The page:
It has been reported that firmware security company Binarly has discovered at least 13 serious vulnerabilities affecting BIOS firmware present on devices by HP and possibly other manufacturers, resulting in a total of 15 CVE identifiers. The vulnerabilities have been characterized as stack overflows, heap overflows, and corruption of memory. All of these security holes have been assigned “high severity” ratings. The flaws affect a wide range of enterprise products made by HP, including desktop, laptop, point-of-sale, and edge computing devices.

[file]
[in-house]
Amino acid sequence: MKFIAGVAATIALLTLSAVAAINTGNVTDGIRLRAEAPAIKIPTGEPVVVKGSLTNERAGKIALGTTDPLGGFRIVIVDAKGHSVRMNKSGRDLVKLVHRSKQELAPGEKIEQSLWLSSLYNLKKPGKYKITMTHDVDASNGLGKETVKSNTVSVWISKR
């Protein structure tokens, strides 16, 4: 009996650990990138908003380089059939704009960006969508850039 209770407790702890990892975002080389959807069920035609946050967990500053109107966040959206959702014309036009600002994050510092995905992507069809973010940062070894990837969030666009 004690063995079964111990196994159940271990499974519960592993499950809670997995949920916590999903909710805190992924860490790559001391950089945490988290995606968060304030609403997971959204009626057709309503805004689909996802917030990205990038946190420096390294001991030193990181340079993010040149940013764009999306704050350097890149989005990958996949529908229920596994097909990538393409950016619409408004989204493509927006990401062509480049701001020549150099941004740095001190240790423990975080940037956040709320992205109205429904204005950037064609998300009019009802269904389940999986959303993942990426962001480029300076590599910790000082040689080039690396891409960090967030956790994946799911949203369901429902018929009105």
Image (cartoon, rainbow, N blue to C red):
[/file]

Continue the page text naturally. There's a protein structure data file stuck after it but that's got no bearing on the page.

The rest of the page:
Inadequate security capabilities, lack of real-time vulnerability patching (like updating firmware), and lack of consumer awareness are key drivers for repeated attacks on Internet of Thing (IoT) devices. Because IoT devices can have several types of interfaces (e.g., web-based interfaces for consumers or object interfaces for governance-as-code applications such as control systems), it’s critical to test for input validation, command injection, and code injection using a full spectrum of security tools. Currently, we find that even though many organisations probably conducted their own transparent box security testing—such as static analysis and open source analysis, it’s critical to complement that with dynamic analysis, mobile, and penetration testing.